In case you didn’t know it, Nancy Pelosi is a brilliant legal scholar.
In an interview this week she was asked to explain why she thinks the U.S. Park Service should deny a permit for public demonstration to an alt-right group in San Francisco.
Her reply is dumbfounding. In a butchered version of an oft-quoted legal theory, Pelosi replied, “You can’t yell ‘wolf’ in a crowded theater.”
First, the actual quote is “you can’t yell ‘fire’,” and, second, that legal theory has been thoroughly discredited as a cheap argument for regulation of speech in light of First Amendment protections.
It’s used by liberals to argue that any speech which might cause harm — however ‘harm’ is defined — is therefore not protected speech.
As Redstate pointed out, Pelosi is simply “crying wolf.”
Here’s more from Redstate…
This is possibly the most entertaining political mangling of a famous quote since Dubya’s “won’t get fooled again” gaffe. Watch bubblehead Nancy give her vacant stare as she tries to defend denying a permit to organizers of an alt-right rally at Crissy Field in San Francisco. In the clip, which is from an interview done yesterday, Pelosi says that she is going to encourage the Park Service to deny a permit to the organizers. The permit has since been approved, and the rally will take place on Saturday. Enjoy some true Pelosi brilliance as Pelosi is asked how the Park Service could deny the permit, given the barrier of First Amendment:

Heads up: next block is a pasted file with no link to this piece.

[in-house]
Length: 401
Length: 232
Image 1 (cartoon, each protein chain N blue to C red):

INTERVIEWER: How could the Park Service justify denying that organization their free speech rights?
PELOSI: Because the Constitution does not say that a person can shout, yell wolf in a crowded theater. You are endangering people, then you don’t have a constitutional right to do that.
This clip came to me via Ken White at Popehat, who has spent a lot of time exposing the fundamental dishonesty of the actual phrase Pelosi was struggling to articulate: that you can’t yell fire in a crowded theater. In this post, for example, Ken describes the famous statement by Oliver Wendell Holmes as “the most famous and pervasive lazy cheat in American dialogue about free speech.”